Know About the Large Number of Immigrant Asylum Re-Entering the States


The ‘Remain in Mexico’ program of the Trump administration deprived asylum seekers of a chance to enter the US and apply for citizenship. The program dramatically restricted access to asylum and deterred Latin American migrants from seeking refuge in the US. But things are changing. Positive developments are expected under the current administration. Talk to an asylum lawyer in New York for advice if these changes affect you or someone you know.


The new direction set by President Biden is allowing border officials to start processing the pending cases of around 26,000 people who are still waiting in Mexico under Trump’s program known as MPP (Migrant Protection Protocols). In January, President Biden also ordered a pause on placing new asylum seekers under the ‘Remain in Mexico’ program. This pause does not end the program for those who are already waiting in Mexico, however.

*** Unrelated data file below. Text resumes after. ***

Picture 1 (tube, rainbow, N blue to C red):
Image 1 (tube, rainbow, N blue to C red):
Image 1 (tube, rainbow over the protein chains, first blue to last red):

The US State Department referred to the initial processing of returnees as the ‘drawdown,’ a word that is typically utilized for overseas military operations. Brownsville and El Paso in Texas are the two other ports of entry that are expected to start the same processing. You can learn more about the situation, and your best course of action for your case, by talking to one of the best asylum lawyers in New York.


On February 19, a group of 25 asylum seekers were able to enter the San Ysidro Port of Entry discreetly. The non-profit organization Jewish Family Service of San Diego confirmed that these immigrants had MPP cases and remained in their care, quarantined in hotel rooms per the direction of public health officials of the county, for as long as the law requires. Among them were five individual adults and six families from Peru, Cuba, Guatemala, Nicaragua, and Honduras.


Popular posts from this blog

Benefits of Getting in Touch with Immigration Law Firms for Your Case

Fresh Information from the US Border Post: New President Overturns Trump Immigration Policy

Details on How the New US President’s Team Prepares to Revamp the US Refugee Admissions Program